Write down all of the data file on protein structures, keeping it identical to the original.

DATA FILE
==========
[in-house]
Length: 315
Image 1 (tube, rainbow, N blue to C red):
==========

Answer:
[in-house]
Length: 315
Image 1 (tube, rainbow, N blue to C red):